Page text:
The Audeze EL-8 comes in a couple different variations. A titanium version with the ability to play 24-bit music via a digital connection made news a few months ago. But perhaps the most popular version would be the open-back EL-8 – a robust headphone sporting a price of $699.
Audeze EL-8 Open Back Review
The Audeze EL-8 comes with the bare necessities – a 4 ft (1.2 m) stereo cable with an in-line mic and remote for iOS devices, a 6.5 ft (2 m) audio-only cable, and a 1/4” stereo adapter.
Build-wise, it’s as solid as any other Audeze headphone, with a slightly-heavy band and extenders. However, this weight is mitigated by the inclusion of some plush padding on the headband and deep, comfortable earcups. The materials used are premium – genuine leather padding, and real wood accents around the edge of the earcups. While this gives these headphones a decidedly posh look, it doesn’t come without a price: in rare instances, extreme heat or cold may cause the wood accents may expand or contract,and eventually crack.
|Transducer type||Planar magnetic|
|Magnetic structure||Fluxor magnets|
|Driver Size||100 mm|
|Maximum power handling||15W (for 200ms)|
|Frequency response||10Hz – 50kHz|
|Total harmonic distortion||<0.1% (1kHz, 1mW)|
|Efficiency||102dB / 1mW|
|Optimal power requirement||200mW – 4W|
As you can see, the EL-8 ain’t no joke, especially when it comes to bass. With that decent frequency range, paired with 100mm drivers (meaning more air displacement), and both of those coupled with that low nominal impedance of just 30 ohms, this beast can deliver the BASS – and it’ll do it on your computer, your phone, or a portable music player.
As should be expected, this headphone really distinguishes itself when it comes to low-end detail, with easy separation and sooooo muuuuuuch DETAIL. The bass is deep, but not too deep – just what you’d expect from the planar-magnetic driver.
The mids on the EL-8 are strong, with an accurate and realistic profile. There’s some decent separation or clarity in the midrange, allowing for a real sense of detail to almost leap out at your ears.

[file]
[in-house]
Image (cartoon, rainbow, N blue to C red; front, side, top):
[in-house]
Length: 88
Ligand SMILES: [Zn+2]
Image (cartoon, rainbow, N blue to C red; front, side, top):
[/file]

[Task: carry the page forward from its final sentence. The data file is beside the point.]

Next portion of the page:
Highs on the EL-8 are decent. Perhaps…they might be the slightest bit tinny, but really, we’re talking the slightest bit. It’s more of a nagging suspicion than a full-blown “yep, definitely heard it with our Golden Ears,” but it’s a persistent nagging suspicion. Overall, those highs aren’t too unpleasant, our nagging suspicions aside.
Impressive, with a real sense of space and definition, the soundstage on the Audeze EL-8 is a doozy – especially when you consider the price. While there might be some slight constraint to the different instruments in a recording, whether you’ll actually ever notice that probably has more to do with the piece of music in question, than it does with the headphones.
Open or Closed?
Since these headphones come in open and closed varieties, will you miss anything by going with one over another? Yes. Get the open-back if you want the best sound. Get the closed-back if you want to hide the fact that you still listen to Carly Rae Jepsen.
A solid headphone all around, the EL-8 offers superb build quality, a masterful level of comfort, and some delicious bass to those who can afford its admission fee. It’s not particularly fantastic for classical music, but I was greatly impressed by how it handled rock, punk, grunge, hip hop, and pretty much anything else.
For those seeking the most detail they can get, or for those seeking the ultimate pair of headphones for classical music, avoid the Audeze EL-8. If you want something more detailed in a closed back variation, you could consider the Audio Technica ATH-A2000X ($649). Or if open back is your game, you could also consider the Grado RS1e ($695).
For bassheads, the EL-8 offers a sweet sound that isn’t easily discounted. Even though it is a fair jump in price from some Oppo headphones, and Audeze’s own smaller Sine headphone, the EL-8 speaks to a level of quality in sound and craftsmanship that few manufacturers can contend with.